Sew another petal on. Try to get the rounded ends aligned perfectly. Don't worry about the pointy ends-- we'll be cutting them off soon.
All strung together!
Time to cut off the pointy ends. Cut them off about 1/4-1/2 inch behind the place where the thread passed through.
Try to get the cut lines pretty even.
Now spread the petals out into a circular shape.
You get them into the flower shape by pushing down on the center bump.
Puff them all out, and then sew the last petal to the first to fix the shape of the flower.
Turn the flower over, and sew the bottom center area of each petal to that of its adjacent petal. This will help to shape your flower.
Now, turn your flower right side up and sew the indicated areas similarly. Try to keep these stitches small, as they will be visible.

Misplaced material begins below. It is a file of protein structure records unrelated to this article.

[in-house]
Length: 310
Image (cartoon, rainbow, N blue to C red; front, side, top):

Now flip your flower over again and do a running stitch through all the petals near the hole in the center...
...and then pull the thread in to close the hole.
Do the same for the top of the flower. You can stop here for a plain kanzashi flower.
I wanted an embellishment for the center, so I found some round clear beads and shiny-hanced them with Sally Hansen's silver anniversary nail polish (or whatever matching colors you have laying around the house).
I love these kanzashi flowers because they're so simple to make and versatile to wear. Some ideas:
- sew a bobby pin onto the back and wear it in your hair
- hot glue some to a headband
- sew it onto a ribbon for a bracelet or belt
- make a tiny one for a ring
- glue a pin to the back for a brooch
- recreate authentic looking geisha headpieces
- make two for shoe clips
- layer them
- make hundreds of them for a curtain
- or just a few for a mobile
Come up with some ideas of your own and have fun!